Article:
David Bourget (Western Ontario)
David Chalmers (ANU, NYU)
Rafael De Clercq
Ezio Di Nucci
Jack Alan Reynolds
Learn more about PhilPapers
Social Studies of Science 39 (2):257-288 (2009)
In August 2002, three Indian computer scientists published a paper, ‘PRIMES is in P’, online. It presents a ‘deterministic algorithm’ which determines in ‘polynomial time’ if a given number is a prime number. The story was quickly picked up by the general press, and by this means spread through the scientific community of complexity theorists, where it was hailed as a major theoretical breakthrough. This is although scientists regarded the media reports as vulgar popularizations. When the paper was published in a peer-reviewed journal only two years later, the three scientists had already received wide recognition for their accomplishment. Current sociological theory challenges the ability to clearly distinguish on independent epistemic grounds between distorted and non-distorted scientific knowledge. It views the demarcation lines between such forms of presentation as contextual and unstable. In my paper, I challenge this view. By systematically surveying the popular press coverage of the ‘PRIMES is in P’ affair, I argue--against the prevailing new orthodoxy--that distorted simplifications of scientific knowledge are distinguishable from non-distorted simplifications on independent epistemic grounds. I argue that in the ‘PRIMES is in P’ affair, the three scientists could ride on the wave of the general press-distorted coverage of their algorithm, while counting on their colleagues’ ability to distinguish genuine accounts from distorted ones. Thus, their scientific reputation was unharmed. This suggests that the possibility of the existence of independent epistemic standards must be incorporated into the new SSK model of popularization.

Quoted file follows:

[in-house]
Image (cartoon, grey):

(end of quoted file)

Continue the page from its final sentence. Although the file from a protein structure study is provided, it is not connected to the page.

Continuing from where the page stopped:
|Keywords||popularization distortion science and media social epistemology computer science mathematical proof sociology of scientific knowledge|
|Categories||categorize this paper)|
Setup an account with your affiliations in order to access resources via your University's proxy server
Configure custom proxy (use this if your affiliation does not provide a proxy)
|Through your library|
References found in this work BETA
No references found.
Citations of this work BETA
Peter Woelert (2013). The 'Economy of Memory': Publications, Citations, and the Paradox of Effective Research Governance. Minerva 51 (3):341-362.
Similar books and articles
Howard Sankey (2001). Scientific Realism: An Elaboration and a Defence. Theoria: A Journal of Social and Political Theory 98 (98):35-54.
Loet Leydesdorff (1996). The Possibility of a Mathematical Sociology of Scientific Communication. Journal for General Philosophy of Science / Zeitschrift für Allgemeine Wissenschaftstheorie 27 (2):243-265.
Massimiano Bucchi (2004). Science in Society: An Introduction to Social Studies of Science. Routledge.
Michael Lynch (1993). Scientific Practice and Ordinary Action: Ethnomethodology and Social Studies of Science. Cambridge University Press.
K. Brad Wray (2007). Who has Scientific Knowledge? Social Epistemology 21 (3):337 – 347.
Ingo Brigandt (2012). The Dynamics of Scientific Concepts: The Relevance of Epistemic Aims and Values. In Uljana Feest & Friedrich Steinle (eds.), Scientific Concepts and Investigative Practice. De Gruyter 3--75.
David Bloor (2005). Toward a Sociology of Epistemic Things. Perspectives on Science 13 (3):285-312.
Loet Leydesdorff (1992). The Knowledge Content of Science and the Sociology of Scientific Knowledge. Journal for General Philosophy of Science / Zeitschrift für Allgemeine Wissenschaftstheorie 23 (2):241-263.
Amnon H. Eden (2007). Three Paradigms of Computer Science. Minds and Machines 17 (2):135-167.
Anita L. Allen (2009). The Poetry of Genetics: On the Pitfalls of Popularizing Science. Hypatia 24 (4):247 - 257.
Added to index2009-08-13
Total downloads25 ( #159,094 of 1,911,083 )
Recent downloads (6 months)5 ( #142,835 of 1,911,083 )
How can I increase my downloads?